Why Do Control Boards Fail?
Your HVAC system's control board relies on various electrical sources for power. So, if one of those power sources malfunctions, such as the wiring, it can fail. It can also fail if the control board itself is overworked and burns out.
How to check for a failed control board
When your HVAC system is running, listen closely. If you hear the fan cut short of its normal cycle, that’s an indicator of a control board issue in your home.
The control board receives commands from the thermostat to tell the system what heating or cooling process it should perform. Often, the control board can be found at the furnace and is located behind the lower door panel.
CAUTION: Do not open the access panel unless you've already turned off the power.
Most control boards have warning lights to alert you when there's an issue. There is usually a small, clear viewing window where the diagnostic LED light can be seen. Different lights indicate different diagnostic issues.
If you see a light on your control board, note the number of blinks before turning the power off to the furnace. Once power is turned off, the diagnostic code will be erased. Check the owner's manual or consult a technician to find out what's causing the indicator light to come on.
Turn off the power to the furnace and open the access door to take a closer look at the board. Look for black burn marks and wires that may be burnt or loose. If you see signs of damage, there may have been an electrical failure. A technician must be called in to determine what caused it. Be sure to tell them of any diagnostic codes that you observed.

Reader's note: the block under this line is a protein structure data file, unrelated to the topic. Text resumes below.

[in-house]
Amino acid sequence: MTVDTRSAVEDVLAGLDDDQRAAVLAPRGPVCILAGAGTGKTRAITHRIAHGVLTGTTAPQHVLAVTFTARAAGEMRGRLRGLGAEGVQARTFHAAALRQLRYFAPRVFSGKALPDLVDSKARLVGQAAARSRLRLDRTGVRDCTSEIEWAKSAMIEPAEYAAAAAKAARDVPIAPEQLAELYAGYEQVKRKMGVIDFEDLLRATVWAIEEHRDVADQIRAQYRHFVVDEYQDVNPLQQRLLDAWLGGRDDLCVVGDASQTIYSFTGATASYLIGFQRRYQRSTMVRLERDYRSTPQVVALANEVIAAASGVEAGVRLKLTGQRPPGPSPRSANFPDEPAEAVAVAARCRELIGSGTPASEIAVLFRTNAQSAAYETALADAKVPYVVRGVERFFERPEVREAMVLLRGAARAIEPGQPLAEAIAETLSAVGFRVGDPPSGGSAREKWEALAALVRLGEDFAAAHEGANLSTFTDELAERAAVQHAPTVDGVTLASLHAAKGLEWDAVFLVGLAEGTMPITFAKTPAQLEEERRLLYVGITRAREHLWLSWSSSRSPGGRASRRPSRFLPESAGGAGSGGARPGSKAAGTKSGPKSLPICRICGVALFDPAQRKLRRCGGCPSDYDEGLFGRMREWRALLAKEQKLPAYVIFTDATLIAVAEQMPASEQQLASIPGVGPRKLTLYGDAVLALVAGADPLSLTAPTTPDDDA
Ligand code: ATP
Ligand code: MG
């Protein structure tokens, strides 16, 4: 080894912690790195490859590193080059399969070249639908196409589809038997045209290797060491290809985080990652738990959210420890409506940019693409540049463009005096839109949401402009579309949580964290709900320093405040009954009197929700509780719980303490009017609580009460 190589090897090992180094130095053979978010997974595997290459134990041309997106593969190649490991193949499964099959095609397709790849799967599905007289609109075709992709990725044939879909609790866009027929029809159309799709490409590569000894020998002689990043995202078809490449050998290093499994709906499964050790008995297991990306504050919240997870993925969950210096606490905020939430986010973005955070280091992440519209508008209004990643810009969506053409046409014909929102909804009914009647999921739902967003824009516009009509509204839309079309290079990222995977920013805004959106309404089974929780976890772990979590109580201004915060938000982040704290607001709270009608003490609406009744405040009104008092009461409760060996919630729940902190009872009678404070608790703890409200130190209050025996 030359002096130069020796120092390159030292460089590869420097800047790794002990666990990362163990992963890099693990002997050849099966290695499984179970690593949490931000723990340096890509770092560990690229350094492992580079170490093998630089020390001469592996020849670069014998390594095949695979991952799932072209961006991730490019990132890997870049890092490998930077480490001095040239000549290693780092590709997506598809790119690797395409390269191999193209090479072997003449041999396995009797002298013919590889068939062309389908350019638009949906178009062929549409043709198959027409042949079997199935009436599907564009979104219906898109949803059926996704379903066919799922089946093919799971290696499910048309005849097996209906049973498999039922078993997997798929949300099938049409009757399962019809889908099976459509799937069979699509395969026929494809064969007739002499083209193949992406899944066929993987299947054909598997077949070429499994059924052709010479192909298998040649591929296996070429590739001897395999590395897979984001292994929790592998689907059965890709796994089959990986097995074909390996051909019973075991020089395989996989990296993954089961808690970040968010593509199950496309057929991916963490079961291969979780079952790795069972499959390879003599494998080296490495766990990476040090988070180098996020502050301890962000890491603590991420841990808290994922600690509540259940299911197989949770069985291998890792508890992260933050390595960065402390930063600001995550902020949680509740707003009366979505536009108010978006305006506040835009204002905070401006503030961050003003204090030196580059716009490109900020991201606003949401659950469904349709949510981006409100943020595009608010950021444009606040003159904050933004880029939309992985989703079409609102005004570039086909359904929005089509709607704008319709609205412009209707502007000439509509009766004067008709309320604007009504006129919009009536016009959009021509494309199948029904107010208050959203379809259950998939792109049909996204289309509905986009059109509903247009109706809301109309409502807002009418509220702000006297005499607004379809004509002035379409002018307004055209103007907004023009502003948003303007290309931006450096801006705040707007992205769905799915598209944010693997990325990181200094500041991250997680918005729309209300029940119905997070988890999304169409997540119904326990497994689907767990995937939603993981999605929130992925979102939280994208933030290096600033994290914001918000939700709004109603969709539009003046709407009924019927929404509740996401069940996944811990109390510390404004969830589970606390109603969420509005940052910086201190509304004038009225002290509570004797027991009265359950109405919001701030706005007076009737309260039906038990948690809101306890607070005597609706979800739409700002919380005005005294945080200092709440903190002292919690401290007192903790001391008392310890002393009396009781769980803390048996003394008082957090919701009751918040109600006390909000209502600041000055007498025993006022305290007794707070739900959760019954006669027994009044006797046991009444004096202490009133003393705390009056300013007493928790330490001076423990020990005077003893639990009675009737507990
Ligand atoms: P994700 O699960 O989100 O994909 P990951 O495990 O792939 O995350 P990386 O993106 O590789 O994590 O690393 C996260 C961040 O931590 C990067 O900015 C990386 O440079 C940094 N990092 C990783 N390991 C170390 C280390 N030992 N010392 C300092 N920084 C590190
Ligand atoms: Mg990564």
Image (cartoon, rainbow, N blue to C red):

CAUTION: Always turn the power off to the furnace before removing any door panels.
If you don't see any outward signs of an issue, but still suspect it's your control board, you'll need to call a technician to run a diagnostic on it. A technician should check the function of individual components on the control board, including: - start the induced draft motor - see if the pressure switch closes - determine if the control ignites the pilot or if the hot surface ignitor glows a bright orange color - the timer should then open the gas valve, light the burners, which must be confirmed by the flame sensor - the furnace blower should start - once the thermostat has reached its setpoint, the control should shut off the gas - the inducer should run for a short period to purge the venting pipes - the furnace fan should be turned off by a timer allowing the remaining heat to be given up to the conditioned space
If any of these components aren't working, the control board is likely bad.
CAUTION: These component checks should be performed by a trained technician.
What To Do If Your Control Board Has Failed
If your control board has failed, you'll need to locate and fix any issues with the electrical systems powering it, such as by rewiring your system or restoring power to the unit.
If the electrical issue is beyond your realm of DIY expertise, or you can't locate the issue at all, you will require expert service.
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NOTE: This content is for informational purposes only, and HomeX and its affiliates disclaim all liability related to it. If you decide to perform any tasks based on this information, you assume all risks, including the risk of loss or damage to property or personal injury.
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